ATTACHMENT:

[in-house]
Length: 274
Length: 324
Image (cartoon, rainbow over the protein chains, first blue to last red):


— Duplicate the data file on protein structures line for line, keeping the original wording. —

[in-house]
Length: 274
Length: 324
Image (cartoon, rainbow over the protein chains, first blue to last red):